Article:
Teen Arrested for Alleged Mass Shooting Plot at Local High School

Authorities in Montgomery County, Maryland have arrested an 18-year-old student, Andrea Ye of Rockville, for an alleged mass shooting plot targeting Wootton High School. The arrest followed the discovery of a disturbing 129-page manifesto authored by Ye, detailing strategies for carrying out such an attack, despite Ye’s claims that it was a work of fiction.

The manifesto, along with concerning internet searches made by Ye, raised red flags with state and federal officials, prompting swift action to prevent a potential tragedy. According to reports, Ye, who identifies as male, had contemplated targeting an elementary school as well.

Montgomery County Public Schools (MCPS) commended the collaboration with law enforcement, stating, “The charges are extremely serious, involving alleged threats to harm others. We value and appreciate the close collaboration between [MCPS] and MCPD in this matter, which is an example of our shared commitment to identify and address potential threats with due process before they materialize.”

The manifesto came to light on March 3 when someone who knew Ye from a psychiatric facility in Maryland shared it with Baltimore police. Ye had been receiving mental health treatment since December 2022 after making a series of alleged threats. Although Ye claimed the manifesto was a fictional story, witnesses and police found many elements too realistic to ignore.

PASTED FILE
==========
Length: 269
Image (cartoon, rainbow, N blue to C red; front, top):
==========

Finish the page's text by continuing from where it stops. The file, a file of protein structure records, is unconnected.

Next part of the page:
According to police documents, Ye referred to the manifesto as a “memoir” or an “autobiography,” and a former counselor reported that between October 2022 and February 2023, Ye frequently made harmful comments towards others and expressed a desire for fame through violent acts.

Ye has been charged with threat of mass violence and is being held without bond at the Montgomery County Detention Center.

The county’s crisis center services are being offered to help the community process this unsettling event. Dorne Hill, Senior Administrator for Crisis Intake and Trauma Services, praised those who raised concerns, saying, “A lot of times we hear people say well, ‘I didn’t want to make a big deal out of it,’ but sometimes there are things you need to make a big deal of even if they seem small in nature. We never know until we dig into it.”

Hill emphasized the importance of early intervention, stating, “This is a great case. This is an awesome example of the early interventions that can be helpful to the community and save a lot of people’s lives.”